Immigrants crucial to NYC economy

A symbol of immigration and freedomAccounting for 3.1 million of New York City’s population—the highest rate the city has seen in the last one hundred years—a new report from the state Controller’s office puts immigrant economic activity at $257 billion. The immigrant impact in New York has corresponds to a doubling of the population since 1970, which currently represents 37 percent of the population.

Immigrant economic activity includes the group’s representation in the city’s workforce. In 1990, 31 percent of New York workers were foreign-born. This is compared to the current 43 percent level of immigrant workforce representation. In raw numbers, this translates to nearly 1.9 million immigrants working in the city. Of these almost 300,000 are suburban commuters.

Financially speaking, immigrant workers in New York earned $115 billion in 2013. The figure accounted for one-third of total wages paid in the area. Much of these wages were earned in the construction industry, which leads the city in its share of immigrant workers.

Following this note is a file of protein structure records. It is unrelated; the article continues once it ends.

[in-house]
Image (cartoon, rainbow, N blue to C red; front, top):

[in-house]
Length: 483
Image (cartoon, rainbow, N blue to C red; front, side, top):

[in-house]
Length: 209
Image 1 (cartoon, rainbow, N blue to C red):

Controller numbers reports 59 percent of construction jobs in New York go to foreign-born workers. Immigrants represent half of all workers in the personal services, hospitality, leisure, manufacturing, health care, transportation and utilities industries.

According to the report, the significant share of workforce representation in low-pay, low-skill jobs is only part of the picture of immigrant economics. The reports states immigrants are also well represented in high-pay positions like doctors, accountants, auditors and financial managers.

Interestingly, the report also points out the two-year period from 2007 to 2009 saw immigrant wages decrease by 12 percent. From 2010-2012, the wages “quickly rebounded” with a 16 percent increase.

The breakout of the numbers underscores the important economic role immigrants play in the city’s revitalization efforts.

“It’s a huge marker about the value of immigrants,” says Steven Choi of the New York Immigration Coalition.

Thomas DiNapoli, who heads the New York City Controller office, says the report shows immigrants and immigrant neighborhoods are at the top of the list of beneficiaries in terms of economic impact. “The workforce is becoming more diverse, and the neighborhoods with the highest concentration of immigrants are experiencing economic growth that far exceeds the citywide average,” DiNapoli said.